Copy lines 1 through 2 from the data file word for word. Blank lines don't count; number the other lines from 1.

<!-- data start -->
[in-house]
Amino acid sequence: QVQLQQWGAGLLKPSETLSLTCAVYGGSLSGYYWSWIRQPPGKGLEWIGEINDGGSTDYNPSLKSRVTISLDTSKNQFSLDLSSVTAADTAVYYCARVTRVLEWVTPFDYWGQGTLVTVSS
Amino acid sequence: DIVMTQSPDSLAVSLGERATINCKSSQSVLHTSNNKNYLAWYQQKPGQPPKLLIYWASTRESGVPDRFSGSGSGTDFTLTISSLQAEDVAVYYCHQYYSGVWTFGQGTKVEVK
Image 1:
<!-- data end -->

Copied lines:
[in-house]
Amino acid sequence: QVQLQQWGAGLLKPSETLSLTCAVYGGSLSGYYWSWIRQPPGKGLEWIGEINDGGSTDYNPSLKSRVTISLDTSKNQFSLDLSSVTAADTAVYYCARVTRVLEWVTPFDYWGQGTLVTVSS